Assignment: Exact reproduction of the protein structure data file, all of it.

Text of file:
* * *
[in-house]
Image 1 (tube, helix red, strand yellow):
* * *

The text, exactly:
[in-house]
Image 1 (tube, helix red, strand yellow):